Rappahannock Valley Civil War Round Table

 

THE DRUM & BUGLE
    Voice of the Rappahannock Valley Civil War Round Table

Rappahannock Valley Civil War Round Table Newsletter

May 2017, Volume 14, Issue 5

 

Speaker:        Frank O’Reilly

Topic:             “Desperately Humiliated”; Burnsides Mud March

When:             Monday, May 8, 2017

Location:        Brock’s Riverside Grill

Times:            Social Begins 6:00 pm, Dinner 6:45 pm, Meeting Begins 7:30 p.m.

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Abstract on our Scheduled Speaker for May 8, 2017, Frank O’Reilly

 

Our scheduled speaker on May 8th will be Frank O’Reilly, who will discuss Burnsides Mud March.  His book, The Fredericksburg Campaign; Winter War on the Rappahannock, released through LSU Press in December of 2002, highlights this eventO’Reilly received a nomination for the 2002, Pulitzer Prize in Letters for his book and his book did win the 2002, Capital District (Albany, NY) Book Award; the 2003, James I. Robertson, Jr. Book Award; the 2004, Daniel Laney Book Award; and the 2004, Richard Barksdale Harwell Book Award.  

 

O’Reilly, received both a BA and MA in American History with a concentration on Early American Military History and on Civil War Studies.  He did his undergraduate work at Washington and Lee University, prior to joining the U.S. National Park Service at the Fredericksburg and Spotsylvania National Military Park.  O’Reilly, did work briefly at Independence Hall in Philadelphia, PA, but then returned to Fredericksburg as an Historian in 1990.  He has also served as an Historical Consultant for the city of Fredericksburg.

 

Frank O’Reilly, has written articles on both the Civil War and the Mexican War for national and international journals; and personal introductions to many books.  He released his first book on the Fredericksburg Campaign in 1993, titled Stonewall Jackson at Fredericksburg.   O’Reilly, has appeared in a number of documentaries, and he has  lectured extensively on military history to audiences around the world, including conferences in the United Kingdom at Oxford.

 

Currently, O’Reilly, is doing research for a book on the Battle of Malvern Hill and the Seven Days Campaign around Richmond.

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"Civil War Soldiers Go West"

by Mac Wyckoff

A review of our April 10, 2017, program by Greg Mertz

 

Mac Wyckoff, is a founding board member and a past president of our round table.  He gave a presentation on Civil War soldiers who wound up in the Pacific Northwest after the Civil War.  The stories of two of these soldiers actually had further developments since Mac had agreed to present the program about a year ago.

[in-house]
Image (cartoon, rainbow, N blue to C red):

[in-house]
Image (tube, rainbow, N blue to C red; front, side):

Mac’s program appropriately began with a soldier who had been born in Fredericksburg, Isaac Williams Smith.  Who had graduated from the Virginia Military Institute in 1846, and the following year Smith saw service at the Siege of Vera Cruz in the Mexican War.  As an engineer, Smith was later engaged in surveying boundaries for railroads and building lighthouses in the Pacific Northwest.  When his native state of Virginia seceded from the Union, he fled the country to British Columbia, working there until he earned enough money to travel to Richmond and there offer his services to the Confederacy.  Assigned to the engineers, Smith helped construct the defenses of Richmond and Petersburg.  After the Civil War, Smith went back to Mexico to build a railroad from Vera Cruz to Mexico City.  Eventually he returned to the Pacific Northwest, where he became the father of the Portland, Oregon water system.  He was included on a list of the ten most prominent people in Oregon’s history.  A Sons of Confederate Veterans Camp was named in his honor, and he is buried in Portland’s River View Cemetery.

 

Another Civil War soldier buried in River View Cemetery is Virgil Earp.  His father-in-law did not approve of Earp’s marriage to his daughter, Ellen Rysdam.  When Earp left home to serve as a soldier in the 83rd Illinois, Mr. Rysdam deceitfully reported to Ellen that Virgil had been killed in battle.  When Virgil returned home from the war, his wife and daughter were gone.  His post-war career as a U.S. Deputy Marshall took him to Tombstone, Arizona where he was famously involved in the 1881 gunfight at the OK Corral.  In 1898 Earp learned that his daughter was living in Oregon and he established a connection with her.  Earp died and was buried in Oregon in 1905.